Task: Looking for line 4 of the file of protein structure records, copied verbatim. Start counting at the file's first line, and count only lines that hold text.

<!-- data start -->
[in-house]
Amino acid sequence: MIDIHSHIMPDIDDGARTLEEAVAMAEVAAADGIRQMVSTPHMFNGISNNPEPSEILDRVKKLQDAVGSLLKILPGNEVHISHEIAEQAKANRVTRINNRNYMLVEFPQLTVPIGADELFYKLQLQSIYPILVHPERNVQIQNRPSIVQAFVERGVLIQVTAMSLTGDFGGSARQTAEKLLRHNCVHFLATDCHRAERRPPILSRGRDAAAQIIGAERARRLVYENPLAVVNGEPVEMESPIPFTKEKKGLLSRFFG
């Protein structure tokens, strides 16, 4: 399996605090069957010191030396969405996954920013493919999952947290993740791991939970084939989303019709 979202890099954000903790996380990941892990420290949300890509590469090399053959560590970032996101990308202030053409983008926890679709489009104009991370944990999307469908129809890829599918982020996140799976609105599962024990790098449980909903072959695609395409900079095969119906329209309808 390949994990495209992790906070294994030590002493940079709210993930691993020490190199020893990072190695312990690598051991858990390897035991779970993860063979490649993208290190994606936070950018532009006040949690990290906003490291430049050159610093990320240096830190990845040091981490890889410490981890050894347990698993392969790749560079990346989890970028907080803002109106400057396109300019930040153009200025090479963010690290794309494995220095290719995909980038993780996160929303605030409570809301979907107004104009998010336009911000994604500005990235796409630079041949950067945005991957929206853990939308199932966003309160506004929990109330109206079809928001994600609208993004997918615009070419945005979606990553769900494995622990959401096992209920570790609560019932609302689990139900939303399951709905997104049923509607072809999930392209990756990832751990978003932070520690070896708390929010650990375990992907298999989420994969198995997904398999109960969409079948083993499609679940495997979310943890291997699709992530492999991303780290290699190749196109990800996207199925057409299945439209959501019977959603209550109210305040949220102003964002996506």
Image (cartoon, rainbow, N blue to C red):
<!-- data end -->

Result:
Image (cartoon, rainbow, N blue to C red):